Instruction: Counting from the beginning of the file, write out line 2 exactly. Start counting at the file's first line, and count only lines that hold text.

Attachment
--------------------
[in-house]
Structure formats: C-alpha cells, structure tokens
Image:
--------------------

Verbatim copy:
Structure formats: C-alpha cells, structure tokens